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Author Topic: Return of the Busch-whackers; new schedule?  (Read 373 times)
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Desmond
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« on: June 27, 2005, 06:28:24 PM »

After three weeks of relative peace, the onslaught of the Cup regulars figures to resume this coming Friday night at Daytona.

Already, we know that Dale Earnhardt Jr., Joe Nemechek, Greg Biffle, and Kasey Kahne are entered for the 250-mile race.  Possibly Mark Martin and Matt Kenseth, although not Michael Waltrip (Kerry Earnhardt will drive the #99).

It was fun to see the fields at Nashville and Milwaukee with only Busch Series regulars in them.  Everyone thought they had a shot to win, if only in their dreams.  About 25 of those dreams will be snuffed out this Friday night and for the rest of the season (except Pikes Peak, Memphis, and maybe IRP).

One interesting note: last month, the Winston-Salem Journal reported that NASCAR could change its support-race schedules next year, pairing the Craftsman Truck Series with Nextel Cup and moving Busch Series races to the weekends of the Indy Racing League.  Theoretically, this would cut down on the number of "Busch-whackers" in an average race.  What do you think of this possibility?  

Let me start this out by saying that I love it.  Every driver--every athlete--is fueled by the chance to win; it motivates everyone.  As it stands now, only a few drivers can beat the "Busch-whackers."  How fun is that, for the drivers and teams that compete only in Busch races?
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Vivian
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« Reply #1 on: June 27, 2005, 08:36:30 PM »

I was happy that they did not have a lot of 'whackers.  It is always so good to see a regular driver win.  However, I still hate runaways and this was one, imo.  I was surprised at the penalty they gave Sauter.  I thought they normally held them for a lap if they delibertly hit someone and spun them out.  But he only got sent to the back.  Am I mistaken here?  Maybe so.... Wink Their rules, or lack of consistancy in enforcing them keep me confused most of the time.  

Des wrote:

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One interesting note: last month, the Winston-Salem Journal reported that NASCAR could change its support-race schedules next year, pairing the Craftsman Truck Series with Nextel Cup and moving Busch Series races to the weekends of the Indy Racing League. Theoretically, this would cut down on the number of "Busch-whackers" in an average race. What do you think of this possibility?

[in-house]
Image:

If this happens, then all the cup drivers will probably drive trucks as that is where most wind up these days.  Plus it will give them track time and info for their race, imo.  I would hate to see that happen.
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Cheryl
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« Reply #2 on: June 27, 2005, 11:00:27 PM »

Quote from: "Vivian"
I was surprised at the penalty they gave Sauter.  I thought they normally held them for a lap if they delibertly hit someone and spun them out.  But he only got sent to the back.  Am I mistaken here?  Maybe so.... Wink Their rules, or lack of consistancy in enforcing them keep me confused most of the time.  


I'm SO glad you brought that up Vivian!  I failed to mention it yesterday.  I was actually happy they penalized him at all.  In the Hooters series, they give "tailend of the lead lap" if anyone spins another car (deliberatly or not).  I mean, how can race control actually determine what was in the driver's head?   :lol:   But back to Sauter, I kind of like the guy at times (even though Lou hates him).  I think he has a lot of talent on short tracks and smaller speedways like Milwaukee.  But he does make a lot of bonehead moves at times.  

For instance, I think his move on Raines was questionable enough that he had to be penalized in some way.  Although the fact he was a lap alone (except for Lajoie who got the free pass) meant it was pretty meaningless.  And I think that is one reason NASCAR did it cause it gave the appearance that they penalized him, yet they knew he had a strong enough car to make it back past all the cars on the tailend of the lead lap.  To tell you the truth, TV had me SO confused abou the whole deal, I couldn't tell who was where for quite a while (MRN didn't do much better in explaining the entire deal).  However, I was actually quite surprised NASCAR didn't penalized him more considering he drives for James Finch (after the carberator deal a while back).  

I'd really have liked to have seen the race get restarted after the rain to see if Sauter would be so strong with someone right on his tail on the restart.  But, alas, that wasn't meant to happen.

Cheryl
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